Mission (situated 15 kilometre south from present-day Smoky Lake in central
Alberta) began in an area where a small population of Aboriginal people
lived. The Hudson's Bay
Company (HBC) joined the community in 1864 and people venturing west from Red River
found a place to homestead. By the turn of the 20th century, the site was a thriving community of
Métis, Aboriginal people and immigrants.
With the passage of time, farming increased and to meet the demand the
HBC opened a grist mill in 1873. Local dairy
operations replaced the mill in the late 1880s and a general store opened, operated by a free trader rather than the
A telegraph office opened in 1886 and the
community soon had postal services, although the mail-run was only once
every two weeks. With the arrival of the post office the community was
renamed Pakan to honour the Cree chief known as Pakan and to avoid being
confused with Victoria in British Columbia.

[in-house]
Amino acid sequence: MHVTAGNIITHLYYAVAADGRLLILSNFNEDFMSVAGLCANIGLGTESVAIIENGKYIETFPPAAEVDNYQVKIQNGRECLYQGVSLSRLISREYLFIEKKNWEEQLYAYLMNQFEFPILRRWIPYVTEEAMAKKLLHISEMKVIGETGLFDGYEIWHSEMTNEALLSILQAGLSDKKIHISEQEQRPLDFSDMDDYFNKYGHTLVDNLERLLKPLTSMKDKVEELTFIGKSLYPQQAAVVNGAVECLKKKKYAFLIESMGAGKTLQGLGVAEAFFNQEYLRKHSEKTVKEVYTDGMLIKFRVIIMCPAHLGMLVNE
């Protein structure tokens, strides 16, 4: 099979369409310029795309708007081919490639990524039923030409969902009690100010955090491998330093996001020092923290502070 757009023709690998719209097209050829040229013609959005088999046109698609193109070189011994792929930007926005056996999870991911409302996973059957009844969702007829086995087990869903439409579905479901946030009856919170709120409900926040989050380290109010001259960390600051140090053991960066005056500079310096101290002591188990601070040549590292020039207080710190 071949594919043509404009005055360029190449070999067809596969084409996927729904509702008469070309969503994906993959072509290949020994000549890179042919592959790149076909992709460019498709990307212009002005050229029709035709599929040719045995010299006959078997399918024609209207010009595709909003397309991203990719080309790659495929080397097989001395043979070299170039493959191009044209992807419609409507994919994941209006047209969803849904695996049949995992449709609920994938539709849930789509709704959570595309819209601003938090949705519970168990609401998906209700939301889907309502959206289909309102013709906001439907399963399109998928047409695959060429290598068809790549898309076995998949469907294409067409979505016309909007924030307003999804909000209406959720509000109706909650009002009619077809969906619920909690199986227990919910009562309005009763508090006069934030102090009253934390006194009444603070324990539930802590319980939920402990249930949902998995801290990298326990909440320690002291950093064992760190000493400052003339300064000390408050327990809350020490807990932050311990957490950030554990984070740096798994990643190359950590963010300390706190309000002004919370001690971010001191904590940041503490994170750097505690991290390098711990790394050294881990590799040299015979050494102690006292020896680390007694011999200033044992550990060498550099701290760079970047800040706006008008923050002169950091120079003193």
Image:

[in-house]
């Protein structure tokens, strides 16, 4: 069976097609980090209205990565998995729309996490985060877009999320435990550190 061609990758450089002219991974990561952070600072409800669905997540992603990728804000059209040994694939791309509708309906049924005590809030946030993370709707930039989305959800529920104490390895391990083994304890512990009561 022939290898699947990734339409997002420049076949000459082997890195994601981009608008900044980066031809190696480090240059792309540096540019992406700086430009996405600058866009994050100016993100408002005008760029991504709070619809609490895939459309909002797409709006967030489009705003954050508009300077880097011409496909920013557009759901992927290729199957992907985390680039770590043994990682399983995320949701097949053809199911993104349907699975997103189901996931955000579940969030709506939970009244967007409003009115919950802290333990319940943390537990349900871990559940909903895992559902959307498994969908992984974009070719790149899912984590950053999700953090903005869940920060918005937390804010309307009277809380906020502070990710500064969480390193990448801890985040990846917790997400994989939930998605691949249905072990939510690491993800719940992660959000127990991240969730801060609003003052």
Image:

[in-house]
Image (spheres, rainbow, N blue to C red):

In 1897 the HBC abandoned Fort Victoria and the number
of European immigrants, particularly from Ukraine, increased. In
1902 more than 100 Ukrainian families immigrated to the area and by 1906
that number had risen to 250.
Early Ukrainian Settlement, part 3:
Dominion Land Survey, Part 2: Challenges on the Prairie
Despite the population boom,
declined rapidly in the 1920s and by 1921 it had been removed from the mission list.
The decline was mostly due to the arrival of the
railroad in the region, which prompted and eased the transfer of businesses
and people to nearby Smoky Lake.